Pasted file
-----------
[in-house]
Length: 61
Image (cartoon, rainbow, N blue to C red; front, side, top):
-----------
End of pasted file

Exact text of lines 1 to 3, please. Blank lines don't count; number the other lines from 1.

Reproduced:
[in-house]
Length: 61
Image (cartoon, rainbow, N blue to C red; front, side, top):